Der Artikel ist weiterhin als ^^OTHERCONDITION^^ verfügbar.
Autor: Alexandru Baltag
ISBN-13: 9783319060248
Einband: Book
Seiten: 1027
Gewicht: 1669 g
Format: 241x167x48 mm
Sprache: Englisch

Johan van Benthem on Logic and Information Dynamics

5, Outstanding Contributions to Logic
Geben Sie Ihre Bewertung ab!  
Wir verlosen jeden Monat unter allen freigegebenen Rezensionen
3 Gutscheine im Wert von 20 Euro. Teilnahmebedingungen
Alexandru Baltag is an Associate Professor at the Institute for Logic, Language and Computation (University of Amsterdam). He is known mostly for his work in logics for multi-agent information flow (- he was one of the originators of dynamic epistemic logic) and their applications to communication, game theory, epistemology etc. He also worked on non-wellfounded set theory, coalgebraic logic, logics for quantum computation, game semantics, learning theory. His MS in Mathematics was obtained in 1989 at the University of Bucharest. He received his PhD in Mathematics in 1998 at Indiana University under the supervision of Jon Barwise. Between 1998 and 2001, he was a post-doctoral researcher at the Dutch Center for Mathematics and Computer Science. Between 2001 and 2011 he was a University Lecturer at Oxford University, in the Department of Computer Science.
99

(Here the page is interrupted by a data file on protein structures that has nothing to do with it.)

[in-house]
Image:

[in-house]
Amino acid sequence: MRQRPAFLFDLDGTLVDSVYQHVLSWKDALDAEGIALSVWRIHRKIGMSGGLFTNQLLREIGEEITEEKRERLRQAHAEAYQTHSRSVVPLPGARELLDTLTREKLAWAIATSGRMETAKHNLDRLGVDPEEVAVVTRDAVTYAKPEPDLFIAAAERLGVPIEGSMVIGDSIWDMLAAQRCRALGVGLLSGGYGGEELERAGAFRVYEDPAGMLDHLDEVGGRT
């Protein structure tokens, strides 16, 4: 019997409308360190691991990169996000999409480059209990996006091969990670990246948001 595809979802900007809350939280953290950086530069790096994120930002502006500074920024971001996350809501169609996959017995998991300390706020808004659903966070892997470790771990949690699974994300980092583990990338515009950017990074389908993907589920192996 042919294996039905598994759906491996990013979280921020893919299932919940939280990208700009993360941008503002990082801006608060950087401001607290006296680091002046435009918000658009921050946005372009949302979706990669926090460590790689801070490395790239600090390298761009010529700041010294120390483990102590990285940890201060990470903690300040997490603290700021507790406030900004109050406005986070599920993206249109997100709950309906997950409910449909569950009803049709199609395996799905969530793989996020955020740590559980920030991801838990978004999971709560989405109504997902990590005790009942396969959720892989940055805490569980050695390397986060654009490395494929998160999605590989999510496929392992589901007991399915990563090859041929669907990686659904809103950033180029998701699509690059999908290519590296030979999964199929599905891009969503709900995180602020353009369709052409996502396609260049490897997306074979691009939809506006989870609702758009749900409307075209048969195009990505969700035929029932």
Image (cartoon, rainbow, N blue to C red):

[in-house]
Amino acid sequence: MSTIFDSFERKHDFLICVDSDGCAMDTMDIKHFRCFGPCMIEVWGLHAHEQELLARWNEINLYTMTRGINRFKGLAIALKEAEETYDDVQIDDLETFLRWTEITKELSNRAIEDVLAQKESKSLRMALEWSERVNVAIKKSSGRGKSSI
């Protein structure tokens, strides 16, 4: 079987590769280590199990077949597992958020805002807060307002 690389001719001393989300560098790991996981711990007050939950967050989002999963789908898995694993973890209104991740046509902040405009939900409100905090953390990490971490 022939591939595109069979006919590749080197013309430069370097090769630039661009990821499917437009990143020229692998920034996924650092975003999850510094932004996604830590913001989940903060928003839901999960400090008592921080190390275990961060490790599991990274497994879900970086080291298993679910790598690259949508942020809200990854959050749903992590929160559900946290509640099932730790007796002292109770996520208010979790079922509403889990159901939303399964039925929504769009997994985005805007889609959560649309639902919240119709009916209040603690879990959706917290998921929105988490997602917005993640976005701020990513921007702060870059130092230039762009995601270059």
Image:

Preface; Johan van Benthem.- Introduction; Alexandru Baltag and Sonja Smets.- Part I. Mathematical and Computational Perspectives.- The Freedoms of (Guarded) Bisimulation; Erich Grädel and Martin Otto.- Expressiveness Modulo Bisimilarity: A Coalgebraic Perspective; Yde Venema.- Schema Mappings: A Case of Logical Dynamics in Database Theory; Balder ten Cate and Phokion G. Kolaitis.- On Dependence Logic; Pietro Galliani, Jouko Väänänen.- Intensionality, Definability and Computation; Samson Abramsky.- Comparing Theories: The Dynamics of Changing Vocabulary; Hajnal Andréka and István Németi.- Part II. Dynamics of Knowledge and Belief Over Time.- Dynamic Epistemic Logics; Jan van Eijck.- Belief Revision and Dynamic Logic; Patrick Girard and Hans Rott.- Temporal Aspects of the Dynamics of Knowledge; Valentin Goranko and Eric Pacuit.- Logic and Learning; Nina Gierasimczuk, Vincent F. Hendricks, and Dick de Jongh.- A Computational Learning Semantics for Inductive Empirical Knowledge; Kevin T. Kelly.- Structures for Epistemic Logic; Nick Bezhanishvili and Wiebe van der Hoek.- Logic and Probabilistic Update; Lorenz Demey and Barteld Kooi.- Belief as a Simplification of Probability, and What This Entails; Hannes Leitgeb.- Part III. Games.- Logic and Game Theory; Giacomo Bonanno and Cédric Dégremont.- Knowledge Games and Coalitional Abilities; Thomas ågotnes and Hans van Ditmarsch.- On Definitive Solutions of Strategic Games; Sergei Artemov.-Logical Player Types for a Theory of Play; Ram Ramanujam.- An Alternative Analysis of Signaling Games; Gabriel Sandu.- Part IV. Agency.- Them and Us: Autonomous Agents in Vivo and in Silico; Peter Millican and Michael Wooldridge.- Incorporating Action Models into the Situation Calculus; Yongmei Liu and Hector J. Levesque.- Roles, Rigidity, and Quantification in Epistemic Logic; Wesley H. Holliday and John Perry.- Stit Logics, Games, Knowledge, and Freedom; Roberto Ciuni and John Horty.- The Logic of Best Actions from a Deontic Perspective; Olivier Roy, Albert J.J. Anglberger and Norbert Gratzl.- When Are Two Arguments the Same? Equivalence in Abstract Argumentation; Dov Gabbay and Davide Grossi.- Part V. Language and Cognition.- Three Etudes on Logical Dynamics and the Program of Natural Logic; Lawrence S. Moss.- From Good to Better: Using Contextual Shifts to Define Preference in Terms of Monadic Value; Sven Ove Hansson and Fenrong Liu.- Arguing about Dynamic Meaning; Martin Stokhof.- Logic of and for Language, and Logic of and for Mind; Hans Kamp.- Logic and Complexity in Cognitive Science; Alistair M.C. Isaac and Jakub Szymanik and Rineke Verbrugge.- Computational Complexity and Cognitive Science: How the Body and the World Help the Mind be Efficient; Peter Gärdenfors.- Part VI. Styles of Reasoning.- Dynamic vs. Classical consequence; Denis Bonnay and Dag Westerståhl.- Dynamic Epistemic Logic as a Substructural Logic; Guillaume Aucher.-Arrows Pointing at Arrows: Arrow Logic, Relevance Logic, and Relation Algebras; J. Michael Dunn.- Situation Theory Reconsidered; Jeremy Seligman.- Unified Correspondence; Willem Conradie, Silvio Ghilardi, Alessandra Palmigiano.- Conclusions.- Reflections; Johan van Benthem.- Scientific Autobiography; Johan van Benthem.- Bibliography.- Publications.